Preventive Measures

Menstuff® has compiled the following preventive measures against prostate cancer.

Most men take preventive measures against prostate cancer


Study finds that the majority of men questioned use conventional or self-care methods designed to protect them from developing prostate cancer.

"This paper reports on behaviors men use to protect themselves against prostate cancer. Data were collected via a telephone or mailed survey from 353 men enrolled in two studies of prostate cancer screening," scientists writing in the journal Cancer Epidemiology Biomarkers & Prevention report.

"Respondents reported behaviors they used to protect themselves against prostate cancer, and responses were coded as conventional care, self-care, or nothing," wrote E.J.S. Kunkel and colleagues, Thomas Jefferson University, Department Psychiatry & Human Behavior.

"Men who reported using both conventional care and self-care were categorized as conventional care users. Polytomous logistic regression was conducted to evaluate the association between sociodemographic background, prior prostate screening, and cognitive, affective, and social support and influence factors with protective behavior type," the researchers stated.

"The distribution of protective behaviors was as follows: conventional care, 63%; self-care only, 19%; and nothing, 18%. In multivariable analyses, higher education level was found to be positively associated with conventional care use," the researchers stated.

"Perceived salience and coherence of prostate cancer screening was positively associated with conventional care use among men in one of the two studies. Low concern about screening was positively associated with self-care use, as was mailed survey completion," the researchers wrote.

"This study presents self-report data regarding prostate cancer protection behaviors. Most men in the study reported using some type of prostate cancer protective behavior. Decision-making about whether or not to take protective action and what type of behavior to use may be influenced by socioeconomic background, cognitive perceptions related to behavioral options, and concern about risk," the researchers concluded.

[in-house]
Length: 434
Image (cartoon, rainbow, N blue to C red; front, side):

Source: Kunkel and colleagues published their study in Cancer Epidemiology Biomarkers & Prevention (Behaviors used by men to protect themselves against prostate cancer. Cancer Epidemiol Biomarkers Prev, 2004;13(1):78-86).

Additional information can be obtained by contacting E.J.S. Kunkel, Thomas Jefferson University, Department of Psychiatry & Human Behavior, 1020 Sansom St., Thompson Bldg., Suite 1652, Philadelphia, PA 19107, USA.

The publisher of the journal Cancer Epidemiology Biomarkers & Prevention can be contacted at: The American Association Cancer Research, 615 Chestnut St., 17TH Floor, Philadelphia, PA 19106-4404, USA. The information in this article comes under the major subject areas of Urology and Oncology. This article was prepared by Biotech Week editors from staff and other reports.

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